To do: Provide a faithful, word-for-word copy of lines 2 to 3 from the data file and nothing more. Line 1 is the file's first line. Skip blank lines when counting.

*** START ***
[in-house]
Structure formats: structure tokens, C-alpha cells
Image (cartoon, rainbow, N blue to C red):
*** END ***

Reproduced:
Structure formats: structure tokens, C-alpha cells
Image (cartoon, rainbow, N blue to C red):